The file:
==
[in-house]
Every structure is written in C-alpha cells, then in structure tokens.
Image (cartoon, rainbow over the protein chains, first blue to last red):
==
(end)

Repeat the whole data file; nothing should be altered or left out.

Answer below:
[in-house]
Every structure is written in C-alpha cells, then in structure tokens.
Image (cartoon, rainbow over the protein chains, first blue to last red):